Carbon Crossroads: Will the pandemic starve climate restoration and adaptation efforts of funding, or open new paths to change?

As governments, companies, and investors mobilize massive resources to combat COVID-19, leaders have a once-in-a-lifetime opportunity to take bold action against global climate change.

By focusing on the climate agenda, even in the midst of this pandemic, leaders can direct investments toward sustainability, rebuild businesses for environmental resilience, and contribute to solving two crises at once, according to a new publication by Boston Consulting Group (BCG). The report, “Climate Should Not Be the Virus’s Next Victim,” was released on May 27, 2020.

In the wake of the pandemic, global carbon emissions are expected to decline by 5% to 10% this year—the largest drop since World War II. But this decline in greenhouse gas emissions won’t halt climate change if the global economy reverts to the status quo.

The global community is facing a clear choice,” said Michel Frédeau, a BCG managing director and senior partner and a coauthor of the report. “We can go back to how things were, or we can seize this moment to build a greener, more resilient economy.

Governments, Companies and Investors Should Invest in Climate Resilience

COVID-19 offers a dramatic illustration of what happens when leaders ignore early warning signs, but it also highlights what we can achieve, individually and through cooperation, when truly pressured to act for the greater good.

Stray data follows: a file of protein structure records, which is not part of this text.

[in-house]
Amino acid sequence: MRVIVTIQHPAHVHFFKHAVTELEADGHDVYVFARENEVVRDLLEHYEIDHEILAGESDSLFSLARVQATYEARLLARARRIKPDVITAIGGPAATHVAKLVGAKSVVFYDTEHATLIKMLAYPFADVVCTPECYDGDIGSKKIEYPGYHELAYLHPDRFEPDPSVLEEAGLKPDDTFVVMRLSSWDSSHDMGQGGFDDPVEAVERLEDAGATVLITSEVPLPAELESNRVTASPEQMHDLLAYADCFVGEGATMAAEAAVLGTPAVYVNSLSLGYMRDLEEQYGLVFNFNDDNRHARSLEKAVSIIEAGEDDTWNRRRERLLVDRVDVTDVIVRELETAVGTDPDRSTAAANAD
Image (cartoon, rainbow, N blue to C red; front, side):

Governments, companies, and investors now have an important role to play in orchestrating a recovery that addresses the current crisis, while building a strong foundation to tackle climate change,” said Veronica Chau, a BCG partner and director and a coauthor of the report.

The report outlines key actions for governments, companies, and investors:

  • Governments should link stimulus funding to a green recovery, structure relief packages to prioritize sustainable business models and climate disclosure standards, and manage a “just transition” of the workforce toward a net-zero economy.
  • Companies can systematically reduce carbon emissions while reducing costs, streamline supply chains, and decarbonize their business and product portfolios.
  • Investors should continue to emphasize the importance of climate in investment allocation and stewardship, integrate climate risk into credit models, and invest in a green recovery by leveraging green bonds and other climate-friendly initiatives.

An Opportunity to Fuel Economic Growth and Rebuild for the Future

Before COVID-19, climate change was on a positive trajectory: CO2 emissions had leveled off in 2019, companies and investors were increasingly placing climate at the top of their agenda, and governments were revisiting their climate plans ahead of COP26.

The world was not prepared for this pandemic, but the climate crisis is entirely predictable,” said Patrick Herhold, a BCG managing director and partner and a coauthor of the report.

The question is: Will we look back in ten years and see that we used this moment to launch a green economic recovery—or that we missed the chance? If the latter outcome sadly proves to be the reality, we will be forced to reckon with an even more devastating and permanent global crisis,” he added.

Photo by Pexels from Pixabay.

Download the full report.

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